How to avoid following a tick-box approach in your DDoS defencesNov 12th, 2018
Following a tick-box approach in business is not always a good thing. While we can see the value in marking off checklists with regards to workplace safety procedures, as one example, the corporate equivalent of crossing off a to-do list doesn’t always drive the business in the direction it needs to go. And from an IT perspective, following a tick-box approach definitely has its drawbacks when it comes to mitigating distributed denial of service (DDoS) attacks.
This is according to Bryan Hamman, territory manager for sub-Saharan Africa at NETSCOUT Arbor, which specialises in advanced DDoS protection solutions. Hamman says, “Project management consultants maintain that ticking off checklists are not necessarily affecting the business in a positive way, but can instead serve simply to facilitate the apparent accomplishment of a number of deliverables that look good on paper. To avoid implementing a tick-box approach, it is key to ask: ‘Does this help the business?’ Certainly the same question can be applied to important IT issues, such as ensuring that your business doesn’t get taken offline by a malicious DDoS attack that floods your system and causes it to slow down or crash.”
A recent NETSCOUT Arbor blog entitled “Are you prepared for DDoS? (Not a checklist)” advises, “Instead of checking off a list of solutions, enterprises need to assess where they stand on a continuum of risk posed by DDoS threats.” The blog notes that data from the NETSCOUT Arbor Worldwide Infrastructure Security Report (WISR) for 2018, its 13th annual report, presented the following facts from the respondents who took part:
- Eighty two percent of participants identified firewalls as a security measure that they had in place.
- Fifty seven percent had intrusion detection/prevention systems (IDS/IPS).
- Only 28 percent had intelligent DDoS mitigation systems.
“As the blog points out,” says Hamman, “firewalls and IDS/IPS do have their place in the security arsenal, but they are inadequate against attacks intended to deny service. When security decisions reflect a tick-box approach, we find questions being asked like ‘What tools do we need to have?’ and ‘What do the regulators say we must have?’ But ticking all the boxes in order to be compliant can unwittingly leave an organisation vulnerable. Compliance does not necessarily equate with security. This is why the real questions that need to be asked are around identifying the DDoS risks that are being faced, and the preparations that need to be put in place against them.”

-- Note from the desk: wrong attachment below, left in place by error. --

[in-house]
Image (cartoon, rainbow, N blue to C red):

NETSCOUT Arbor advises that a business needs to protect against all types of potential DDoS threats, namely: volumetric DDoS attacks; TCP state exhaustion attacks; application layer attacks; multi-layer, multi-vector attacks; outbound attacks from within, and emerging threats, which require a global threat intelligence capability.
“It simply isn’t plausible to try to cherry-pick which type of DDoS attack you choose to protect yourself against. Ignoring any of them will mean that at some point, your organisation is exposed to a threat. This is why NETSCOUT Arbor advises the implementation of a hybrid or layered defence, combining cloud-based and on-premise detection and mitigation, which is powered by automation and informed by global threat intelligence alerts.
“If your IT professional feels that the organisation has bandwidth and/or budgetary constraints in terms of comprehensive DDoS protection, then exploring a managed DDoS service option will give you access to specialised DDoS protection and allow you to let the experts decide what is best for your business. It reduces your risk burden for the maximum budgetary effectiveness, and is driven by security experts who know which are the correct questions to keep DDoS threats at bay,” concludes Hamman.
For more information about NETSCOUT Arbor in Africa, please contact Bryan Hamman at [email protected].